This northwestern province, which is home to the sleepy city of the same name, is the most commonly mispronounced place in Cambodia, and it’s easy to see why. You can’t blame someone for reading it and saying, “Bat-am-bang”, right? I mean that’s how it’s spelt after all. Wrong. It’s pronounced “Bat-am-bong”.
“Nom pen” can often be heard ringing through the air of the Cambodian capital — usually from tourists clutching maps and guidebooks but also from the occasional expat. “Fom pen” is the lesser used mispronunciation, with “P-nom pen” being correct.
No one is going to scold you for getting this one wrong because most foreigners refer to Kep as just that: “Kep”. However, if you want to say it the Khmer way, then this coastal town is in fact pronounced “Kipe”, like “kite” but with a p.
This northeastern province, with its riverside capital of the same name, is often wrongly referred to as “Kratee”. However, to get it right, you need to shake it up a little and say, “Kra-chay”.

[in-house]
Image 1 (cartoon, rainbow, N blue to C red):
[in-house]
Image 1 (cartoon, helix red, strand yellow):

This is a tricky one that takes most foreigners a while to get right — and causes many confused looks from locals. “Spow”, “Spew”, “Spu”? The correct way is “Kam-pong Sp-uh”.
The tropical island of Koh Rong Samloem not only has seemingly countless ways of being spelt, it also has varying pronunciations. “Samlom”, “Samlowm”, “Samlon”. The right way to refer to the island is “Koh Rong Sam-lem”.
This village that doubles as an eco-tourism project in the heart of the Cardamom Mountains is another place that causes confusion. Actually named “Chee Pat”, it’s often wrongly referred to as “Chee Fat”.
Also called Spiderville because it’s home to the tarantulas Cambodians like to snack on in fried form, Skoun sits midway between Siem Reap and Phnom Penh. It’s pronounced as “Sk-un”, not “Skoon”.
This area of the capital is home to the Russian Market and is locally called Toul Tom Poung. To get it right, you need to say, “Tool Tom Pong”, and if you want to visit the market, then ask for Phsar Toul Tom Poung, with phsar (“market”) pronounced “psarrr”.
Cambodia’s iconic temple complex in Siem Reap is constantly called “Angker”, which is 100 percent incorrect. The ancient city is called “Ang-kor Wat”, with emphasis put on the “or” of Angkor.
Siem Reap is another one that’s tricky on the tongue to get right, so the usual “Se-em Reep” is fine. However, if you want to sound like a local, then it’s more of a “Se-em Ree-ap”, with a slight rolling of Reap’s r.